Similar to service providers, all three CCWs spoke of part-time hours reducing the capacity to fulfil their role and support capacity building of service providers. They described often feeling overwhelmed, and overloaded with their current workload. The CCWs spoke about the need to spread services more equally between antenatal and postnatal services, and one agreed with service providers regarding the need for more regular engagement with staff to describe their role and reiterate what the service can provide for women and families. A key CCW Service strength highlighted by all CCWs was the support they received from their managers, colleagues and peers.

Service providers described how the CCWs built the capacity of their colleagues by raising awareness of the CCW Service as a referral pathway that encourages and supports women to access health services. Additionally, service providers felt that the CCWs were best placed to build capacity to ensure that care is provided in a culturally sensitive way, however perceived this to be limited due to part-time hours. Service providers emphasised the need for more regular engagement with staff to ensure culturally responsive concepts were translated to day-to-day care. For example:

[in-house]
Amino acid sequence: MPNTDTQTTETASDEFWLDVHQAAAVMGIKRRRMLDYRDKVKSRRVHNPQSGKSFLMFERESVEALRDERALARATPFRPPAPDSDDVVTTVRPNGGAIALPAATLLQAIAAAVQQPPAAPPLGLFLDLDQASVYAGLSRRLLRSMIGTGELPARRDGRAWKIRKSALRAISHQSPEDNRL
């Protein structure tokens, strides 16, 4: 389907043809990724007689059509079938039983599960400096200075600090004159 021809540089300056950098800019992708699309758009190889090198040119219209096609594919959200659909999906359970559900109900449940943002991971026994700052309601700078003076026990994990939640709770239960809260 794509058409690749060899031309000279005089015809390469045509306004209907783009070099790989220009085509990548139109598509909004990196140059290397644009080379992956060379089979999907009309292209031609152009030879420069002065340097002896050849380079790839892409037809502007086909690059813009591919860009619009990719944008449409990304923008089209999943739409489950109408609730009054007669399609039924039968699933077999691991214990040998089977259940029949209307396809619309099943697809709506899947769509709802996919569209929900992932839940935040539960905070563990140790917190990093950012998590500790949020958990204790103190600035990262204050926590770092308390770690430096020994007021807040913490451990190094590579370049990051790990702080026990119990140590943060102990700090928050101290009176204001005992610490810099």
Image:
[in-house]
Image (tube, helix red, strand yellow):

If the CCWs had sessions with us, the primary care providers on the coal face, because I guess my understanding comes from mostly working with Indigenous women and the training that you get around interpersonal communication, body language, what they (women) appreciate that's culturally appropriate. I haven't been given any of that information … So maybe CCWs actually spending time educating the medical, midwifery staff, capacity building. (Doctor1)